3. I finished reading The Goldfinch by Donna Tartt yesterday and I was surprised how many typos the Finnish translation had. No typos don’t bother me I still get the point, yes they bother me because I lose my concentration and repeat the typo many times in my head XD In have some favorite translators, for example Helene Butzow who sometimes even make the reading experience better than in original (don’t know if that’s the point of their job but no complaints from my side)

    I didn’t know that you studied translating! How cool! 🙂 I have done fair amount of translating with different web pages and press releases, it’s hard but rewarding to get the information out in several languages in stead of just one.

    • Oh dear. Typos are awful, and it’s sad to hear that the translation had many. With so many different stages in publishing a book and so many readers, typos seem such an odd thing to end up in the final product. It could be that the typos are due to mistakes in typesetting? And yes, translating is hard work and can be very tiring at times, but it has its perks too 🙂

      By the way, did you like The Goldfinch? I’ve been meaning to read Donna Tartt, but I think I want to start with The Secret History and maybe then read The Goldfinch.

      • True! Yes it’s not translator’s fault of course…more like hmm editor’s. Both are good. I enjoyed The Goldfinch more though. It was longer, more raw, more human somehow 🙂 great book. Hope you’ll have time to read them both during summer 😉

  4. Great post!

    I’ve always wondered if I was missing something when not reading a book in its original language.Luckily for me not so many books I’ve read were in another language.

    I live in Mauritius where the official language is English.Yet we speak Mauritian Creole which is closer to French.Then everything we have is in French: news anchors speak in French,movies are in French,and newspapers are written in French.Only on radios do people speak Creole – though the main news bulletin is in French as well.As a result,I’m bilingual since I was a kid.

    Thus when I read something deep in French or in English,I can be very touched.However if I read an English translation of a powerful French sentence,I’ll be somehow underwhelmed,provided that I know how the original looks like.The same thing happens when I read a particular English sentence in French.So I think people who’re reading the story for the first time don’t really notice whether the translation is good or not; they’ll just try to go with the flow – I can only detect flaws in a French-dubbed version of a movie if I’ve watched the movie before in its original language.Borges’ translation was hard to read at first,and I had to seek another translation on the net,but I got used to it when I learned that even in Spanish his prose does not read smoothly.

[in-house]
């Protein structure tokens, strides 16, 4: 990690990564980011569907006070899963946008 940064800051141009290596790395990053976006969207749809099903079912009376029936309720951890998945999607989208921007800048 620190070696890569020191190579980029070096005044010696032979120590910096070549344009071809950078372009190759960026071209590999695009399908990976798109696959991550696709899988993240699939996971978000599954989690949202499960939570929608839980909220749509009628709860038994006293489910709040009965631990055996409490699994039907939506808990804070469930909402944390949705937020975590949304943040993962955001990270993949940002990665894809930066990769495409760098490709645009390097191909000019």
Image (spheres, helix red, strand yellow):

Also,as you said,the beauty of translation is not really about finding the exact words for those to be translated.Translators also consider feelings.As such,The Great Gatsby becomes ”Gatsby le magnifique”,and The Unbearable Lightness of Being becomes ”L’insoutenable legerete de l’etre” (I’ve not put the accents,because my laptop don’t have them).Both titles sound incredibly beautiful in French.In fact,while for the latter the title was translated word by word,the French title of The Great Gatsby has a particular charm since the translators could have gone for ”Gatsby le grand” or ”Le grand Gatsby” which are technically the same as ”Gatsby le magnifique”,but they knew they had to go for a word that would evoke magnificence and grandiose,so they opted for ‘magnifique’,a grand word for a grand man.

    I know that’s long,but I’ve meaning to share my thoughts about it since I saw it! But I was studying for the exams,and even if I could have commented on your post,it wouldn’t have with such a clear mind. 😉

    • Thank you for taking the time and writing such a wonderful comment!

      I knew you were fluent in both English and French, but I wasn’t aware that you also spoke Mauritan Creole – that would actually make you trilingual 😀 Having grown up in a monolingual environment I’m slightly jealous of your bilingual (trilingual) background because of the ease with which you are able to grasp the sense and feeling that underlines the language. For me, it has taken years of studying and reading a variety of texts to slowly develop that sense of the English language (and I still go on making silly mistakes).

      What you say about the knowledge of the original text is very true. If you do not know that the text has been translated, you are more likely to consider the oddities a stylistic choice of the author and, as you said, go with the flow. But if you do know the text is translated and have sufficient knowledge of the original language, you might also be able to hear and sense the original text behind the translation. This happens to me a lot when reading “poor” Finnish translations of English texts – I begin “back-translating” in my head which mean that I translate the Finnish words back into English.

      I studied French only for a year, but even to me ‘Le grande Gatsby’ sounds off. Now that I think about it, the adjective ‘Great’ in the title is very ambiguous, because it can used to describe greatness, superiority or volume. Moreover, it can also be seen as ironic – Is Gatsby really that great? With French and English having such a long history together, both languages have borrowed words from the other (‘le weekend’, ‘to regard’ etc.). But there are also some false friends (faux amis) – expressions that would appear to mean the same, but don’t. I think the great – grand and grand – magnifique distinction could very well be one of them.